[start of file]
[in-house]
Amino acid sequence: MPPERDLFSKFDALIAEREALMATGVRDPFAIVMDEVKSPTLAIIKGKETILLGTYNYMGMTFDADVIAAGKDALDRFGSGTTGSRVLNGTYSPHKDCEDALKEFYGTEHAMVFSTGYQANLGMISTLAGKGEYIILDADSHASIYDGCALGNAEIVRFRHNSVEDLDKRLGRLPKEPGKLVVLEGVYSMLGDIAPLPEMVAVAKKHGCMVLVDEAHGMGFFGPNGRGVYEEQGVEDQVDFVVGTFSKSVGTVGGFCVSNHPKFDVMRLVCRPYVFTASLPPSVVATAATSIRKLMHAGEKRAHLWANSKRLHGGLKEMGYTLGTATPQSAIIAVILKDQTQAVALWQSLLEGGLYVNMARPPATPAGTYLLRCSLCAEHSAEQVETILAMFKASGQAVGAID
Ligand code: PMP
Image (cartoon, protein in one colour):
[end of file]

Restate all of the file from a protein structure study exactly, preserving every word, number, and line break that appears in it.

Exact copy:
[in-house]
Amino acid sequence: MPPERDLFSKFDALIAEREALMATGVRDPFAIVMDEVKSPTLAIIKGKETILLGTYNYMGMTFDADVIAAGKDALDRFGSGTTGSRVLNGTYSPHKDCEDALKEFYGTEHAMVFSTGYQANLGMISTLAGKGEYIILDADSHASIYDGCALGNAEIVRFRHNSVEDLDKRLGRLPKEPGKLVVLEGVYSMLGDIAPLPEMVAVAKKHGCMVLVDEAHGMGFFGPNGRGVYEEQGVEDQVDFVVGTFSKSVGTVGGFCVSNHPKFDVMRLVCRPYVFTASLPPSVVATAATSIRKLMHAGEKRAHLWANSKRLHGGLKEMGYTLGTATPQSAIIAVILKDQTQAVALWQSLLEGGLYVNMARPPATPAGTYLLRCSLCAEHSAEQVETILAMFKASGQAVGAID
Ligand code: PMP
Image (cartoon, protein in one colour):